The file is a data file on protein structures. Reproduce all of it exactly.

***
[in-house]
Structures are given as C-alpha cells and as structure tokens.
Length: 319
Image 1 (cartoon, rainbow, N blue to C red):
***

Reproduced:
[in-house]
Structures are given as C-alpha cells and as structure tokens.
Length: 319
Image 1 (cartoon, rainbow, N blue to C red):